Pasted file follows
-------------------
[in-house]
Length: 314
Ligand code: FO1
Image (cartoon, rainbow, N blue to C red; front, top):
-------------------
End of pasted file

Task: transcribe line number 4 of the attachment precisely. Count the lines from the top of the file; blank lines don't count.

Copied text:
Image (cartoon, rainbow, N blue to C red; front, top):